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Financial repression comes and goes [ClearOnMoney]
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Commentary

Financial repression comes and goes

19 Mar 2012 by Jim Fickett.

Politics will always be politics, and governments will always welcome opportunities to place their debt at below-market rates. However one current manifestation of extreme government policies, namely negative real rates, is unlikely to remain in place for the long term.

Almost a year ago I provided a synopsis (History suggests forced subsidies from savers will be used to reduce government debt) of a paper by Carmen M. Reinhart and M. Belen Sbrancia on “financial repression”, the practice of governments placing government debt with savers at artificially low rates. Much of the material from the Reinhart and Sbrancia paper has been recycled a few times since then, for example in Financial Repression Redux, a June 2011 article in Finance and Development, and in a Bloomberg article a week ago entitled Financial Repression Has Come Back to Stay.

This last article starts out characterizing financial repression somewhat ambiguously, then makes a parallel between the current situation and a period of 35 years' duration in the past, and then suggests that financial repression will endure for a long time:

As they have before in the aftermath of financial crises or wars, governments and central banks are increasingly resorting to a form of “taxation” that helps liquidate the huge overhang of public and private debt and eases the burden of servicing that debt.

Such policies, known as financial repression, usually involve a strong connection between the government, the central bank and the financial sector. In the U.S., as in Europe, at present, this means consistent negative real interest rates (yielding less than the rate of inflation) that are equivalent to a tax on bondholders and, more generally, savers. …

Figure 1 (attached), which traces the evolution of average gross public debt for the 22 advanced economies from 1900 to 2011 demonstrates the magnitude of the policy challenges now facing many (if not most) of these countries. [The figure shows that gross government debt across advanced economies is now at a very high peak similar to that following World War II) …

The frequency distributions of real rates for the period of financial repression (1945 to 1980) and the years following financial liberalization, shown in Figure 2, highlight the universality of lower real interest rates prior to the 1980s and the high incidence of negative real interest rates. [A histogram shows that real rates on short term government debt in advanced economies were negative about half the time during the period 1945-1980.] …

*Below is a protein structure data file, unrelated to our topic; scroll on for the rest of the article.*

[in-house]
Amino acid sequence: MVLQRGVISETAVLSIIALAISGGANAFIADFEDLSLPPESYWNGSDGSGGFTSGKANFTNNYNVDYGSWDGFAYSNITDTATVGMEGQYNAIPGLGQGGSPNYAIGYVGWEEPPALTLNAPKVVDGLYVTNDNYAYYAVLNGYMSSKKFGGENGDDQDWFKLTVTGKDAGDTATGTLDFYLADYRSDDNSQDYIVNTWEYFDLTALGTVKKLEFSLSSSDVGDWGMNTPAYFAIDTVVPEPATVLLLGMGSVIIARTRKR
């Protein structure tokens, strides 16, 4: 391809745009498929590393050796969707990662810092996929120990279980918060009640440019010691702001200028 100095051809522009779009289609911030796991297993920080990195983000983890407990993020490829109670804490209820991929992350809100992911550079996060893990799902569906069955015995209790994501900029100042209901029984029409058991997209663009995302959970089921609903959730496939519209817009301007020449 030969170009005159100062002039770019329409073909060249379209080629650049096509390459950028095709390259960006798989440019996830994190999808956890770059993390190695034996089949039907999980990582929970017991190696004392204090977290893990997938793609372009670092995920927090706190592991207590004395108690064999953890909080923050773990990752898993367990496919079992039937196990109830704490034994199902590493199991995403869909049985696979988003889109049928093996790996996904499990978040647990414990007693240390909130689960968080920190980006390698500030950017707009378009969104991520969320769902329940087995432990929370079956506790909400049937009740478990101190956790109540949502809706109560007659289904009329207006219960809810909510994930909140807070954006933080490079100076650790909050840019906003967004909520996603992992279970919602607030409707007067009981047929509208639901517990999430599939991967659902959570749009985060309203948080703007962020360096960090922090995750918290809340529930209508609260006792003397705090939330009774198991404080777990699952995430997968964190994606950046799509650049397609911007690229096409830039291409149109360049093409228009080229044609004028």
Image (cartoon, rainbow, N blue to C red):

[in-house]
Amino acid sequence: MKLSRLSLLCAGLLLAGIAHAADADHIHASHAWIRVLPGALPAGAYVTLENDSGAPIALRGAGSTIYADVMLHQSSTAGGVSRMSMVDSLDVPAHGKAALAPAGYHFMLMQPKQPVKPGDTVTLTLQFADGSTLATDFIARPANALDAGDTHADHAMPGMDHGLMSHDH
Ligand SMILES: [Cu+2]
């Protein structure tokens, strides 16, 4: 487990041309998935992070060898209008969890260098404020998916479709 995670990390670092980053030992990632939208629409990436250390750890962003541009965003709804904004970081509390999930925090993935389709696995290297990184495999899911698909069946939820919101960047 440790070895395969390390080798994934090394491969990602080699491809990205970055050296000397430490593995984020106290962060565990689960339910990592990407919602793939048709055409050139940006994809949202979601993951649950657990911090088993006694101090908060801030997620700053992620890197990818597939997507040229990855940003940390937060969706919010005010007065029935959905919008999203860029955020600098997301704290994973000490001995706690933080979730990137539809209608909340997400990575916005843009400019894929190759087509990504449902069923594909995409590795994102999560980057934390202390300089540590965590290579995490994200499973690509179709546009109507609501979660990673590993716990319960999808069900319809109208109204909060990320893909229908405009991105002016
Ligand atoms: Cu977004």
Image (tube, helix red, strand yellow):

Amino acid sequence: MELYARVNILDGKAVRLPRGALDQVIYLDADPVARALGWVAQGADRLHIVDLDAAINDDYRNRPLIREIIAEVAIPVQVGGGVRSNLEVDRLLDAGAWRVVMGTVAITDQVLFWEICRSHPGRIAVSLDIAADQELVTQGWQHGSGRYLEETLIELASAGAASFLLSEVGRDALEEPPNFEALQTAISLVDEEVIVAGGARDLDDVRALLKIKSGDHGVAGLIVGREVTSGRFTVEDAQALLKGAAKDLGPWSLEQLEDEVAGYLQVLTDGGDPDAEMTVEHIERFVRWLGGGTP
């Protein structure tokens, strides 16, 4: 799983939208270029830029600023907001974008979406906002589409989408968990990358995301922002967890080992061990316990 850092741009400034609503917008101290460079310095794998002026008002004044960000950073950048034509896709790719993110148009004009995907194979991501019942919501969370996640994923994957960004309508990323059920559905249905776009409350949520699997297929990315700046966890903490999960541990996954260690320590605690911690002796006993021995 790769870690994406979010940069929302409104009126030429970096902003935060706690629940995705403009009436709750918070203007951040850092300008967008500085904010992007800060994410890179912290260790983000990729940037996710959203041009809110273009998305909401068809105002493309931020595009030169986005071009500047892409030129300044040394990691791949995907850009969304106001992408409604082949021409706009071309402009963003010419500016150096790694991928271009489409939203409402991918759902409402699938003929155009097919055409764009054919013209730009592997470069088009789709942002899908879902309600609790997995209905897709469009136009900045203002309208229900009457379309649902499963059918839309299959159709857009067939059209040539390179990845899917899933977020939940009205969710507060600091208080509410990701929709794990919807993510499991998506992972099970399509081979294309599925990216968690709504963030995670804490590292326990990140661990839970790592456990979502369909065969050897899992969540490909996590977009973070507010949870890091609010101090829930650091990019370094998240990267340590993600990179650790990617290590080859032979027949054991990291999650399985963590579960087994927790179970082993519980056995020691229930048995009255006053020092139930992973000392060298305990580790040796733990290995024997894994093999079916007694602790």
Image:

[Currently …] Faced with a private and public domestic debt overhang of historic proportions, policy makers will be preoccupied with debt reduction, debt management, and, in general, efforts to keep debt-servicing costs manageable.

In this setting, financial repression in its many guises (with its dual aims of keeping interest rates low and creating or maintaining captive domestic audiences) will probably find renewed favor and will likely be with us for a long time.

So the gist of the argument is, (1) in the last hundred years there have been two extreme peaks in government debt, 1945 and 2012, (2) following the 1945 peak, there was a period of 35 years when real rates were negative about half the time, (3) expect more of the same now.

I do accept the argument that extreme levels of debt are now widespread, and politicians will be pushed to extreme solutions. That is the main reason why I think all investors should be preparing for the possibility of high inflation.

But the way this argument is couched makes it sound as if negative real rates are likely to be a semi-permanent feature of the financial landscape. That conclusion, however, is not supported by the historical record. The original Reinhart and Sbrancia paper shows, in figure 2, the average real rate in treasury bills, averaged across advanced economies. Rates were, indeed, sharply negative 1945 to 1953, but then were positive for many years thereafter. Here are real rates on US 1-year treasuries, back to 1954 (the extent of historical data available from the Fed):

Note that real rates were positive most of the time 1954-1974, and that the extreme negative real rates of 1979-80 were balanced by extremely high positive real rates over the next few years.

Do not doubt that the politicians will be looking for all possible ways to hide debt and reduce its carrying cost. But stay flexible and don't count on any particular outcome in treasury yields.

The main thing for investors to keep in mind are (1) do, indeed, worry about the real long-term value of dollars and bonds, and continue to shift money into real assets like resources and stocks, and (2) don't count too much on the particular way you think the future may work out; take advantage of the opportunities as they come.